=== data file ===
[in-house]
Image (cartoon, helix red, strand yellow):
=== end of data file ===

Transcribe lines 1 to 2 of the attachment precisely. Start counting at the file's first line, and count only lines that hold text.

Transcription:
[in-house]
Image (cartoon, helix red, strand yellow):